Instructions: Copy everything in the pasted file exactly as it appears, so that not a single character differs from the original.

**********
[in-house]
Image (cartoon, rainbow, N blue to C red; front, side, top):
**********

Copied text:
[in-house]
Image (cartoon, rainbow, N blue to C red; front, side, top):